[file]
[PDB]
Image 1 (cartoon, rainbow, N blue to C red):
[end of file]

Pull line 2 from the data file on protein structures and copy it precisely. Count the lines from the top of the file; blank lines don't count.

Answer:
Image 1 (cartoon, rainbow, N blue to C red):